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Review: Pitchfork Festival 2012, Day One 

Japandroids at Pitchfork - GRANT CATTON

It's actually Day Two and I'm sitting in the press tent trying to get this piece done before the Cloud Nothings come on at 1:45 p.m. The Psychic Paramount are jamming away on the Green stage right next to the tent, and there's definitely a bit more excitement in the air today.

Yesterday's crowd was a little thin, according to anecdotal evidence from regular Pitchfork fest attendees (this is my first Pitchfork). The low attendance was probably due to the rain and the fact it was still technically a weekday. I myself got caught in a monsoon-style rain burst the moment - and I mean, the very second - I got to Union Park. Having nowhere else to go, I hid under a semi-trailer with a few other folks then we scurried like rats to the doorway of a cathedral on Ashland Ave.

click to enlarge Carrie Brownstein of Wild Flag - GRANT CATTON

The rain had stopped by the time Baltimore-based Lower Dens came on, and the sun was actually out. I saw Lower Dens last summer in Indy when they opened for fellow Baltimore-based musician Cass McCombs. They have a real shoegazy kind of style but yesterday they felt a little bit 80s post-punk-ish, reminding me of the Cure at times. Either way, their set definitely renewed my interest in this band. Probably the second best show I saw yesterday.

What was the first best? Japandroids, absolutely. Their set on the Blue stage, in the back of the park, took a little while to get going due to an epic soundcheck. However, once it did get going they completely killed it. I somehow never realized the group were only two dudes - drums and guitar - but they make enough noise for five. By far the most high-energy and hardest rocking set that I saw yesterday.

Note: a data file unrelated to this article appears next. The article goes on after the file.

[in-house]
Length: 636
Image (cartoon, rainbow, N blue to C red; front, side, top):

Purity Ring's closing set was a real surprise. The only thing I knew about this band was they are fairly new and they only have like five songs or something, and also their name is really funny. Another two person act, they play a sort of weird, choppy, synth rock with lots of echoes and vocal effects. The percussionist had this bizarre set up of what looked like light bulbs in little cages that he hit with his drumsticks to make different tones, and the light bulbs lit every time he hit them. In the gathering dark, along with the hanging, pulsating Japanese style lights above the stage, visually it made for an incredible set. I'd have to listen to them a little bit more to really form an opinion, but their set made me want to do that, at least.

click to enlarge The Men at Pitchfork - GRANT CATTON

Another surprise was Dirty Projectors. Again, a band I knew next to nothing about when I walked upon their set around dusk on Day One at the Red stage. Even during the beginning of their set I wasn't that into them, but within 20 minutes they won me over with wickedly complex, mathy guitar riffs, three-part female vocal harmonies and a bit of funkiness. Something about them reminded me of Vampire Weekend a bit.

Willis Earl Beal proved himself a highly entertaining solo performer. He came out dressed in tight cowboy-type blue jeans with a big belt buckle and a black T-shirt on, decorated with a silver sort of smiley-face spraypainted on it. He had a black flag with the same symbol on it, which he draped over himself as he swayed and danced seductively on stage with a slow, deliberate, even confrontational presence, hunching over at the waist like a football player getting ready for a tackle. His voice resides somewhere between a deep gospel wail and a dirty, musky growl. His lyrics offer a lot for the ears and I found myself laughing out loud a few times at his blatantly sexual innuendos ("Don't leave me hangin' like a spider with no fly... lift up your dress and help me sing this song").

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